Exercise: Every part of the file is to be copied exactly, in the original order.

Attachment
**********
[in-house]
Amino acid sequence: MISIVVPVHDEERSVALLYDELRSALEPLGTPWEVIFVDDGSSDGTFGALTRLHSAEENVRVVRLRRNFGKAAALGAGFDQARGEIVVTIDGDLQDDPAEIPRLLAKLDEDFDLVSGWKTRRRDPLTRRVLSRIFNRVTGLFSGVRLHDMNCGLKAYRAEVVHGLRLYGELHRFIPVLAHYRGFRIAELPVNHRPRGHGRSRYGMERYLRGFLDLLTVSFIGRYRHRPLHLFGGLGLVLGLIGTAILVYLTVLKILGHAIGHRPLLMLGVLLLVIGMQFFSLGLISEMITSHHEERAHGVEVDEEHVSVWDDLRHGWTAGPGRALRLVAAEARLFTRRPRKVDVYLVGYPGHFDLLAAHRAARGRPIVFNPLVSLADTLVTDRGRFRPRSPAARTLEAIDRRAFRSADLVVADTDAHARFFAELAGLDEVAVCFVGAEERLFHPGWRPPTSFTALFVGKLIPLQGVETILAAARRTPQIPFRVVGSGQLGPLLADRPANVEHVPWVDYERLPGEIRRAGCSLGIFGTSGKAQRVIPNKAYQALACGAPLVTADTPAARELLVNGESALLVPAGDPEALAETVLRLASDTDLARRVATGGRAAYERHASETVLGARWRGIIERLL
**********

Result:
[in-house]
Amino acid sequence: MISIVVPVHDEERSVALLYDELRSALEPLGTPWEVIFVDDGSSDGTFGALTRLHSAEENVRVVRLRRNFGKAAALGAGFDQARGEIVVTIDGDLQDDPAEIPRLLAKLDEDFDLVSGWKTRRRDPLTRRVLSRIFNRVTGLFSGVRLHDMNCGLKAYRAEVVHGLRLYGELHRFIPVLAHYRGFRIAELPVNHRPRGHGRSRYGMERYLRGFLDLLTVSFIGRYRHRPLHLFGGLGLVLGLIGTAILVYLTVLKILGHAIGHRPLLMLGVLLLVIGMQFFSLGLISEMITSHHEERAHGVEVDEEHVSVWDDLRHGWTAGPGRALRLVAAEARLFTRRPRKVDVYLVGYPGHFDLLAAHRAARGRPIVFNPLVSLADTLVTDRGRFRPRSPAARTLEAIDRRAFRSADLVVADTDAHARFFAELAGLDEVAVCFVGAEERLFHPGWRPPTSFTALFVGKLIPLQGVETILAAARRTPQIPFRVVGSGQLGPLLADRPANVEHVPWVDYERLPGEIRRAGCSLGIFGTSGKAQRVIPNKAYQALACGAPLVTADTPAARELLVNGESALLVPAGDPEALAETVLRLASDTDLARRVATGGRAAYERHASETVLGARWRGIIERLL